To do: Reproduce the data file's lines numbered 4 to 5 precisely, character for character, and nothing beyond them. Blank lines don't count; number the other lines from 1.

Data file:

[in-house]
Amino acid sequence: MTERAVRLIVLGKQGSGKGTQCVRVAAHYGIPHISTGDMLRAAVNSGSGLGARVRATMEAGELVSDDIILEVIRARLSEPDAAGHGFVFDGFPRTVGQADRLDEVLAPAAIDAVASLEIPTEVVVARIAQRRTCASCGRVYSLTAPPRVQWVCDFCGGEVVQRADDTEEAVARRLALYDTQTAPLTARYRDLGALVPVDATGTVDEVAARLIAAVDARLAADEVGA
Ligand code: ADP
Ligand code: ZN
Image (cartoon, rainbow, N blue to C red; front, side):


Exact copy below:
Ligand code: ZN
Image (cartoon, rainbow, N blue to C red; front, side):